The 3’30” single edit has only appeared on one compilation to date, 1980’ s The Best Of Bowie, and the so-called “original single edit” released as a 7” picture disc in 2015 is a new and inauthentic creation). Two early studio mixes, timing at 3’53” and 4’17” respectively and both distinguished by a prominent flute line possibly played by backing singer and multi-instrumentalist Jean Fineberg, have appeared on bootlegs.

On 4 November 1975 Bowie gave a mimed performance of ‘Fame’, together with his latest single ‘Golden Years’, on ABC TV’s Soul Train. A fortnight later on November 23 he performed the song again (this time with a live vocal and a sax-heavy backing mix) on CBS’s The Cher Show. This clip, shot against a backdrop of twinkling Vegas lights, would subsequently become the unofficial “video” for ‘Fame’, despite being shot a good two months after the single’s chart success.

In January 1976 James Brown, one of Bowie’s boyhood idols, released a single called ‘Hot’ – followed two months later by an album of the same name – which was a blatant and un-sanctioned cover of ‘Fame’ with a few different lyrics. Apparently Bowie was flattered to have his work recorded by one of his heroes, yet at the same time dismayed by what he considered plagiarism; according to Carlos Alomar, he decided that “If it charts, then we’ll sue him.” However, in common with many of Brown’s mid-1970s offerings ‘Hot’ failed to chart, and all was forgotten.

In March 1990 a barrage of ‘Fame 90’ remixes by the likes of Arthur Baker and Jon Gass were released to spearhead the ChangesBowie album and the Sound + Vision tour. “It covers a lot of ground, ‘Fame’,” Bowie explained, “it stands up really well in time. It still sounds potent. It’s quite a nasty, angry little song. I quite like that.”

This time the single only reached number 28 in Britain and failed to chart in America, despite the additional publicity of theThe ‘Gass Mix’ version featuring in the Pretty Woman soundtrack. ‘Fame 90’ was by no means an improvement on the original, smothering its slinky funk sounds with gunshot percussion and fashionable scratch-mix effects.

The Cher Show performance was one of several archive clips used for Gus Van Sant’s ‘Fame 90’ video, in which miniature screens relaying past glories framed new footage of Bowie vogueing with Sound + Vision tour dancer Louise LeCavalier.

‘Fame’ featured on the Isolar, Isolar II, Serious Moonlight, Glass Spider, Sound + Vision, Earthling, summer 2000, Heathen and A Reality tours, making it one of Bowie’s hardiest perennials. He often adapted and augmented the number on stage: in 1983 he added a lengthy call-and-response sequence with the audience, while in 1987 he incorporated snatches of the Edwin Starr/ Bruce Springsteen hit ‘War’ (“ Fame –what is it good for? Absolutely nothing!”), the traditional folk-songs ‘London Bridge Is Falling Down’ and ‘Lavender Blue’ (“ I will be king, dilly dilly, you can have fame!”) and, bizarrely, ‘Who Will Buy?’ from Lionel Bart’s Oliver!.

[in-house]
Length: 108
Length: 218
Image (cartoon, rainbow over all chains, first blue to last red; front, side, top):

During the early leg of the Sound + Vision tour ‘Fame’ segued into a live rendering of the ‘Fame 90 House Mix’. In a similar spirit the Earthling shows developed the line “Is it any wonder?” into a new drum’n’bass workout which soon acquired a life of its own, and when the original ‘Fame’ was revived on the same tour, splendidly dirty blasts of fuzzy guitar and spooky synthesized strings transformed the song from a rinky-dinky “greatest hit” back into the prowling monster it had once been.


The video for ‘Fame 90’

Film director Gus Van Sant directed the promotional video for this version, which featured clips from many of Bowie’s previous videos. In the music video, Bowie also performs a dance with Louise Lecavalier, one of the main dancers of the Québécois contemporary dance troupe La La La Human Steps (whom Bowie would collaborate with on the Sound + Vision tour).

David Bowie’s ‘Fame’ was used as the soundtrack of an animated music video of the same title, directed by Richard Jefferies and Mark Kirkland while students at California Institute of the Arts. The film, released in 1975, went on to win the Student Academy Award for animation and aired on NBC’s The Midnight Special.


Listen to the single edit

Listen to the album version


‘Fame’ Lyrics

Fame makes a man take things over
Fame lets him loose, hard to swallow
Fame puts you there where things are hollow (fame)
Fame, it’s not your brain, it’s just the flame
That burns your change to keep you insane (fame)

Fame, (fame) what you like is in the limo
Fame, (fame) what you get is no tomorrow
Fame, (fame) what you need you have to borrow Fame
Fame, (fame) it’s mine, it’s mine, it’s just his line
To bind your time, it drives you to crime (fame)

Is it any wonder I reject you first?
Fame, fame, fame, fame
Is it any wonder you are too cool to fool? (fame)
Fame, bully for you, chilly for me
Got to get a rain check on pain (fame)

Fame, fame, fame
Fame, fame, fame
Fame, fame, fame, fame
Fame, fame, fame, fame
Fame, fame, fame
Fame, what’s your name?


‘Fame’ Artwork


‘Fame’ Chart Positions

ChartPeak position